Masada Dig Reveals a Pleasure-Garden at King Herod’s Palace


Megan Sauter
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WASHINGTON, D.C. (August 21, 2018)—In 73 C.E., at the conclusion of the First Jewish Revolt, the Roman army led a siege on the clifftop site of Masada, where the last of the Jewish rebels had been hiding amidst the remains of King Herod’s palace-fortress. Today, Masada is a well-visited UNESCO World Heritage site that had undergone several excavation seasons since the 1960s—and it’s now being excavated once again. In “Masada Shall Never Fail (to Surprise) Again” in the September/October 2018 issue of Biblical Archaeology Review, dig directors Guy Stiebel and Boaz Gross share with readers the renewed excavation’s preliminary findings.

Comprised of specialists in field archaeology, archaeobotany, archaeozoology, archaeometallurgy, and paleomagnetism—along with a host of international volunteers—the archaeological team has now completed two field seasons at King Herod’s palace-fortress. The project has uncovered evidence of agricultural activity and aqueducts and irrigation systems from the time of King Herod. Although Masada is situated in the middle of the Judean desert, such excessive use of water for agriculture was not unheard of in antiquity. Scholars were already familiar with Herod’s lush gardens at Jericho, Caesarea, and Herodium; further, the writings of Jewish historian Josephus describing the soil at Masada offered clues.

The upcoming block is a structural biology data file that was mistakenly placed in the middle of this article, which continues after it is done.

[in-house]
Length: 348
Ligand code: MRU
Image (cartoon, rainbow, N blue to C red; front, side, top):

“Learning from Josephus’s account that the soil of Masada was allegedly fertile, we wondered if we could identify evidence of such agricultural activity atop the mountain,” write Stiebel and Boaz Gross in Biblical Archaeology Review. “Together with the team from TAU’s archaeobotanical laboratory led by Dafna Langutt, we excavated a series of probes in the semi-hemispheric feature of the Northern Palace’s upper terrace, which had been suggested to be a viridarium, a plantation of trees constituting what many call a ‘pleasure-garden.’ The semi-hemispheric balcony provided the royal residences of the Northern Palace with a spectacular view of the Dead Sea, the Moab mountains, and the oasis of En Gedi.”

Learn more about what the renewed excavation at Masada unearthed in the September/October 2018 issue of Biblical Archaeology Review.

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